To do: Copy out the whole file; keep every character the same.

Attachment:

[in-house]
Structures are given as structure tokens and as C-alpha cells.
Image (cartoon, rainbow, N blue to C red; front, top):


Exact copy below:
[in-house]
Structures are given as structure tokens and as C-alpha cells.
Image (cartoon, rainbow, N blue to C red; front, top):